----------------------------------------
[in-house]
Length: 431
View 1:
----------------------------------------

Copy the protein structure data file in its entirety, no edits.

[in-house]
Length: 431
View 1: